If you do decide that you'd like to apply, you can find lots more information on our website too.

I hope this helps!

All the best,
-Dan
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John Bull
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Competition for places is extremely high at the best places. Check out FOI requests for proof on the numbers. Be very hard/impossible to get in if you don't meet the minimum requirements.

Look abroad for other options; Copenhagen, Stockholm, RSM, German universities and so on
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Andrew0409
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Consider Henley Business school at Reading as well for finance. Their MSc for finance is #5 in the UK and have a dedicated building just for finance, the ICMA center, that’s separate from the business school building. It’s also close to London so lots of opportunities without the cost of London.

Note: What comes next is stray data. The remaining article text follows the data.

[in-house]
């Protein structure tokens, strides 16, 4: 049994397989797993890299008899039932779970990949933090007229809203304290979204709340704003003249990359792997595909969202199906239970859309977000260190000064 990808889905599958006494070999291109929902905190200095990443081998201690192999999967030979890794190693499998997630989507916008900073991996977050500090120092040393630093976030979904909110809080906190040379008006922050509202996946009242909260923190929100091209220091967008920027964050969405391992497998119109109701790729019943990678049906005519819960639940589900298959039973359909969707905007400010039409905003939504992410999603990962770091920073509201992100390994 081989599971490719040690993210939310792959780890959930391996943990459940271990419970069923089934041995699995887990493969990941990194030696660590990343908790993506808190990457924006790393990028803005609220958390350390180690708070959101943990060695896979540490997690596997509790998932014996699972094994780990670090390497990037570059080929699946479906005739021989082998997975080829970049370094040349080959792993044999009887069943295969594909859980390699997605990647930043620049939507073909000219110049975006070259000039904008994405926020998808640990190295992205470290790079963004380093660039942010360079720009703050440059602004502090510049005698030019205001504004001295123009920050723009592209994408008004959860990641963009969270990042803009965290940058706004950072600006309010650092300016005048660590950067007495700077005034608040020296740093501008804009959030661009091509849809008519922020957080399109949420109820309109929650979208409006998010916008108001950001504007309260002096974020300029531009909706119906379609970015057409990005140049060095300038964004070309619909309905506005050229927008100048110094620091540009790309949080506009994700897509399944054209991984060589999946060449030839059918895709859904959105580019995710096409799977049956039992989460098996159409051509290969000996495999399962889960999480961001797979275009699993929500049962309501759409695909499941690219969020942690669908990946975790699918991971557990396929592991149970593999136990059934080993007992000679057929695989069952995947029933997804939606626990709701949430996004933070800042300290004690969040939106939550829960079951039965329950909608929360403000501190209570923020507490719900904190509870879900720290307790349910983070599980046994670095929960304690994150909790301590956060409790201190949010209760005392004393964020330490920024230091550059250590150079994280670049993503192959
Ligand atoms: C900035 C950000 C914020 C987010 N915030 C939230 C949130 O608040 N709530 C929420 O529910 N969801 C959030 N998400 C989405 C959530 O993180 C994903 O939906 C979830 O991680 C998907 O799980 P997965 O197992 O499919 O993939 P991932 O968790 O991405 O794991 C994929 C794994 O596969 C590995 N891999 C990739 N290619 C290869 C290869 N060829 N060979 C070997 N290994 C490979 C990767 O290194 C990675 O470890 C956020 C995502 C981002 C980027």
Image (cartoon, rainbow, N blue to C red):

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staruniverse
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(Original post by BenRyan99)
You have to remember that the grades stated by universities are the very very minimum they'll accept someone and that most applicants exceed those requirements by varying degrees. As such, I think it's unlikely they'll accept someone who doesn't meet their requirements when they already have 10% acceptance rates for those that are above these minimum requirements.

In terms of other unis, the next one I'd be looking at is definitely Warwick, it's the only other target uni in the UK for finance outside of the ones you mentioned. Beyond that, focus on Manchester, Cass and maybe Edinburgh.
Thank you so much for your reply. I knew that acceptance is unlikely if the minimum requirements are not met, I think I just needed to hear it from someone else before I got my hopes up. Thanks for the suggesting other Universities. Will definitely consider those.
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staruniverse